The Fear of Moving On

If there is any universal truth I have heard from my fellow soon-to-be graduates, it is that the prospect of leaving this place is daunting at best, and terrifying at worst. That isn’t to say that there aren’t many people who are prepared to leave; there are many who are excited to. It is not the leaving that is scary, but the part that comes after leaving; the “real” world.

If you’re feeling stressed, don’t worry; it’s not just you. According to the Chicago Tribune, post-graduate depression is quite common. And there are many concrete reasons for this. Mainly, the drastic change in purpose and routine, the stress of entering the workforce, and the loss of a tight-knit community. It can also bring sadness and depression on the opposite end of the spectrum; leaving college can be disheartening if you realize you didn’t quite have the college experience you wanted.

Don’t let this bring you down even more, though. There are several step you can take to help alleviate some of these symptoms.

Deactivate your social media for a while.
Social media may be a fun way to pass the time, but it isn’t doing your mental health any favors. A study by the University of Pittsburgh found a link between high rates of depression and high rates of social media use. Researchers hypothesize that it has something to do with the augmented reality people can create using social media; seeing other people put up a facade that they have it all figured out makes us feel worse when we don’t.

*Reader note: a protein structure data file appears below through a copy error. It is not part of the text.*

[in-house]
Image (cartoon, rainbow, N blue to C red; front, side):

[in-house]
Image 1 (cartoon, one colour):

Find an outlet for your passions.
One of the amazing things about college is that you spend so much time doing work that is meaningful to you. You take classes that interest you, and most likely you do an extracurricular that *sparks joy*. However, leaving college can be quite different; most people aren’t scoring their dream job right after graduation, and that means working in an environment that can be quite understimulating and passionless. Whether it’s joining a band, attending classes in the community, or volunteering with a cause you love, try and find something that brings you joy. It might bring you passion and ground you during your transition into post-grad life.

Seek professional help.
You might not be able to shake a period of depression on your own, and that’s ok. Seeing a therapist, even if only for a few sessions, can help you work through some of those emotions that are keeping you down. And, you might find that therapy is a long-term treatment that significantly improves your mental health. If you’re looking for a therapist, try this search engine from Psychology Today, or search your insurance company’s website if you have health insurance. Don’t give up hope if therapy seems too expensive or out of reach; many therapists provide low to no cost options for people without insurance, or whose insurance does not cover therapy.

As you embark on this new journey, try to enjoy it! Change is scary, but also rewarding and fun. And know that wherever you end up, you have a community you met at Hope that you can rely on for support.

Have a question you want to ask, or a topic you want to suggest? Fill out this form, or email us at presspause@hope.edu.

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